May 31, 2018 2:49 pm
Updated: May 31, 2018 8:11 pm

Why a PC minority would put Ontario’s Liberals ‘between a rock and a hard place’

WATCH ABOVE: The pitfalls of a minority government can be severe, but there's a big upside for the party in power. Alan Carter has more.

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If the Ontario Liberals do as badly in June’s election as the polls predict, they’ll have a lot to deal with.

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A seat projection published Wednesday by Wilfrid Laurier University predicts the party will get just seven seats. Party leader Kathleen Wynne may not be one of them — her Don Valley West riding might easily fall to the PCs.

In Ontario’s legislature, a party needs at least 63 seats to form a majority. And in Laurier’s prediction, that’s the number the PCs will end up with — a majority, but by the barest possible margin. (The NDP will form the opposition, with 51 seats, according to the projection. )

READ MORE: Growing number of Ontarians want a majority government: Ipsos poll

What if the PCs get just one seat less than Laurier predicts, and form a minority?

In addition to being potentially leaderless and with a tiny caucus, the Ontario Liberals would find themselves with some high-stakes decisions to make between unattractive alternatives.

In a situation like this, Doug Ford would be offered the chance to form a government

But what happens after that is largely up to the Liberals, who could put the NDP in power through joining in a non-confidence vote. The problem is that none of the party’s options are very attractive.

WATCH: A new Ipsos poll shows a majority of Ontarians want a majority government with 43 per cent of those wanting a PC majority, while 39 per cent want a NDP majority.

“The Liberals would really be between a rock and a hard place,” says Laurentian University political scientist Nadia Verrelli. “If they do prop up the NDP, they would alienate their base, or at least upset their base. But if they don’t, it paves the way for the PCs to form a minority.”

“It’s a tough decision for the Liberals.”

READ MORE: EXCLUSIVE: Liberals ignored green energy advice that could’ve saved Ontarians billions, lead engineer says

If they don’t help pass a non-confidence motion, they risk alienating left-of-centre voters. If they do, they risk allowing a rival party to gain credibility by governing.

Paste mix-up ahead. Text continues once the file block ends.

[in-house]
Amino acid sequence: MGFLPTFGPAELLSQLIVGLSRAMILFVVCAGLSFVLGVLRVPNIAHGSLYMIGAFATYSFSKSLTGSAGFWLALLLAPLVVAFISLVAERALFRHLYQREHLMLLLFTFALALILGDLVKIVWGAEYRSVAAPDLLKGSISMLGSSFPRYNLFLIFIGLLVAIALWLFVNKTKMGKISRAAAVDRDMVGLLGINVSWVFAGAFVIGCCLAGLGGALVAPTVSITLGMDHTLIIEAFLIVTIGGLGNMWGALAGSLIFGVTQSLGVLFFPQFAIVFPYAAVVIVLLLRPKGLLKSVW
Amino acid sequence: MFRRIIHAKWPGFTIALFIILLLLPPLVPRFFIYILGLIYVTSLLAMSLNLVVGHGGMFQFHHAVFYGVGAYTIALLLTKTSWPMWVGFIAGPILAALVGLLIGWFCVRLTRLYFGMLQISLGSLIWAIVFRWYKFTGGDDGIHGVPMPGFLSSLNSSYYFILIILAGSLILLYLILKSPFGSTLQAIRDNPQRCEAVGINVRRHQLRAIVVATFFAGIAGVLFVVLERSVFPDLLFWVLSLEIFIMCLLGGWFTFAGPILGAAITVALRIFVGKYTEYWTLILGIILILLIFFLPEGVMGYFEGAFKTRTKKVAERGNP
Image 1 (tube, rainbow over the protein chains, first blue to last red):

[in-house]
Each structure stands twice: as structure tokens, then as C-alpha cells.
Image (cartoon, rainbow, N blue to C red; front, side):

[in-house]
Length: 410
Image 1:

In principle, they could offer to form a coalition with the NDP, but Verrelli sees this as unlikely — there is very little tradition of coalitions in Canadian politics.

“It seems that there is no appetite for a coalition in Ontario, or in Canada in general.”

Another thing that could make the aftermath of June 7’s election more interesting than usual is the possible presence of a Green MPP, party leader Mike Schreiner, who is running in Guelph.

READ MORE: Andrea Horwath has chance meeting with former Liberal premier David Peterson

Unusually for Ontario, Guelph was a four-way race in 2014, and a recent poll put Schreiner in the lead.

Parliamentary math is unkind to the Greens. In Ontario’s 2007 election, they got over 354,000 votes across the province — more than the total population of Oshawa — and no seats at all. But concentrating on one or two winnable seats has been a better strategy for the party, as Elizabeth May showed in British Columbia, and Schreiner hopes to show in Guelph.

In a situation where the balance of power is in doubt and every vote counts, Schreiner could hold a lot of leverage over the NDP, Verrelli says.

WATCH: With less than two weeks until the Ontario election, an Ipsos poll shows the NDP’s upward momentum has stalled, leaving them three points behind the Progressive Conservatives.

READ MORE: ‘We’re going to send Kathleen Wynne packing’ announces Doug Ford to London rally

“If it’s a weak minority and they depend on (the Greens), they would be very strategic in their support., try to get something out of this to lend their support.”

Could Schreiner ask to join the government itself, perhaps as environment minister, as a condition of support?

“I can see him proposing it, and I can’t blame him if he does. It depends. Are they one seat short of a majority? It may be in the NDP’s best interests to invite him to be minister.”

On the other hand, the NDP may be uneasy about giving credibility to a party that competes with them for votes.

“The Greens do take votes from the NDP,” she says. “If you’re not feeling satisfied with the NDP, it seems natural to go Green.”

READ MORE: Ontario election 2018: How, when and where to vote

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